The Crown Prosecution Service have delayed their decision on whether BT or Phorm will be charged over the un-announced trials of technology which tracked customers web browsing, and has generally be considered as unlawful interception. ISP Review have received a copy of a letter sent to Alexander Hanff of Privacy International, a privacy campaigner who had pushed the CPS to investigate.
Dear Mr. Hanff
Re: Consent to Prosecute Alleged Offences under Section 1 of the Regulations of Investigatory Powers Act 2000
I last wrote to you on 26th November 2010 in which I said that I considered it more realistic to suggest that a decision would be made by mid-December. The whole case is under consideration at a senior level and I do not consider that a decision will be made by mid-December. I thought it best to tell you straightaway. A decision will be made as soon as possible and either I or another person on behalf of the CPS will write to you.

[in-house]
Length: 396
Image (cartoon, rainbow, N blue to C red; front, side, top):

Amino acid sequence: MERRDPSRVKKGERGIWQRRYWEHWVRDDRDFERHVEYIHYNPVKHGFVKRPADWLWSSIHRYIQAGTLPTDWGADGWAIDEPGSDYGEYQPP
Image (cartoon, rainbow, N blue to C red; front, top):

I am sorry if I raised your hopes in my earlier letter but at the time that I wrote to you I genuinly thought that the CPS would be in a position to make a decision by the provisional date I gave you. That has not proved possible and very careful consideration of this matter continues.
Special Caseworker LawyerCPS Letter for Alexander Hanff
The European Commission recently decided to take the UK to court over its privacy and data protection rules as they do not meet the requirements of European ePrivacy Directive in three separate areas. This is largely due complaints about how the UK dealt with the Phorm case and the investigation by the City of London Police which found that no criminal offence had been committed.